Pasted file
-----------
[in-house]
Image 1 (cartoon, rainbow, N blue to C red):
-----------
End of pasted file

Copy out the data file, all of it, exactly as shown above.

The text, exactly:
[in-house]
Image 1 (cartoon, rainbow, N blue to C red):